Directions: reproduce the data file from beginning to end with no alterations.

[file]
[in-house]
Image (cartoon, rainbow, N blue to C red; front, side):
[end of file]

[in-house]
Image (cartoon, rainbow, N blue to C red; front, side):